The Use of Mass Flux as a Risk Management Metric – Implementation at a DNAPL Site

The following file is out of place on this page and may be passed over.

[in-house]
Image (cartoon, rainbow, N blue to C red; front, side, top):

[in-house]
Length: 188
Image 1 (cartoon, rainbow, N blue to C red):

Contaminated site investigations typically focus on chemical concentrations and subsurface flow processes at discrete locations, and then analysis of the data sets largely independent of each other. When both data types are considered, it is most often for the interpretation of plume dynamics. A growing trend is the combination of these data sets into a single quantitative measure of contaminant mass flux across a control plane. Mass flux has most often been used by practitioners to categorize a site when assessing source zone remediation techniques. Mass flux can also be used to estimate impacts on receptors, either in conjunction with, or as an alternative to point concentrations. The 1998 US EPA Monitored Natural Attenuation Seminar found that “flux estimates across the boundary to a receptor are the best estimate of loading to a receptor.” Mass flux is being used as a risk management metric at a DNAPL site in Western Australia owned by Argyle Diamonds. Mass flux across two control planes was measured using a number of methods before and after remediation. A Site Management Plan which uses the mass flux measured at the source zone as the metric by which human health and environmental values are protected (as opposed to point concentrations in monitoring wells) is under consideration by the regulatory body. This presentation outlines the methodology, and details key aspects which provide stakeholders confidence in the risk management at this unique site.